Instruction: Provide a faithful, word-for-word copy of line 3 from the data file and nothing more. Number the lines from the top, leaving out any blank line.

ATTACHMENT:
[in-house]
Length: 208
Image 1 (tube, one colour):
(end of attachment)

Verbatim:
Image 1 (tube, one colour):